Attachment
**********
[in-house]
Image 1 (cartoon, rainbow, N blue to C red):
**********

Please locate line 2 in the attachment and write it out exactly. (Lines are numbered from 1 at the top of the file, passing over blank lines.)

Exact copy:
Image 1 (cartoon, rainbow, N blue to C red):